Letter from the Editor: Singleness

My name is Christie, I am 29 and a half years old, and I am single.

In 2017, single at nearly 30 isn’t necessarily the weirdest situation in which to find myself, but in the Christian circles I’ve been in all my life, it’s not the most normal.

Yes, the culture surrounding me is full of singles in their twenties, but the subculture of Christianity I currently find myself immersed in is not that way.

Whenever the topic of my singleness comes up in conversation, there is usually this uncomfortable pause where the other person feels a need to offer me a word of condolence for the empty space next to me in my bed. Suddenly it’s as if there is an ellipses on my life acting as a loose end that needs tied up, and this pause is usually filled by an attempt to comfort me in my incompleteness.

Here are the top three most common responses I hear.

There’s someone out there for you! God wouldn’t give you a desire for a husband if He didn’t intend to fulfill it.

Hmmm….. I see this theology nowhere in scripture. The favored verse to rely on for this perspective is Psalm 37:4, which says, “Delight yourself in the Lord, and He will give you the desires of your heart.” People interpret this verse is in two popular ways. One, God will satisfy all your desires when you delight in Him. And two, God will give you the actual desires themselves inside of your heart when you delight in Him. While I believe that God does both, I tend to lean more toward the latter. There is simply no corroboration elsewhere in scripture that God always fulfills every desire that someone has. In fact, Christ on the cross is a direct contradiction to this notion. Jesus prayed the cup would pass from Him yet submitted Himself to the Father’s will. Therefore, I can safely infer that I am to do the same with my own life experiences.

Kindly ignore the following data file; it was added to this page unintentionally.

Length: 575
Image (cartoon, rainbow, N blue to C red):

Oh, you’ve got plenty of time!

Not helpful. And here’s why: It implies that one day I will be out of time. I always hear a clock ticking when this phrase leaves someone’s lips. The scene from “The Help” flashes through my mind, and I can hear Skeeter’s mom in her thick, southern accent hollering at her unmarried, 23-year-old daughter. “Eugenia, your eggs are dyin’!” The empty tank of my love life becomes increasingly pressurized at hearing this response, and I feel the need to scramble for a calendar to calculate just how many years I have left before people stop saying this to me and we hold a memorial service for the death of my last egg of fertility.

Enjoy your freedom while you have it!

I really do get this one. It makes total sense that I have more flexibility than married people, especially those married with children. However, the statement implies that married and/or married with children involves an imprisonment of sorts. “Tied down.” There is also an implication that being single and “free” is full of all sorts of satisfaction. Travel! See places! I love to travel, and I love to explore.